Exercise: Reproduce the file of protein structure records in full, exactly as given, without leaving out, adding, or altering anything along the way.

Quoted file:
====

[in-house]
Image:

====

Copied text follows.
[in-house]
Image: